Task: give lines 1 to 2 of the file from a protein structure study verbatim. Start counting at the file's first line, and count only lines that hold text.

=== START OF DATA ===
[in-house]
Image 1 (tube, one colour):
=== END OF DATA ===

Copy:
[in-house]
Image 1 (tube, one colour):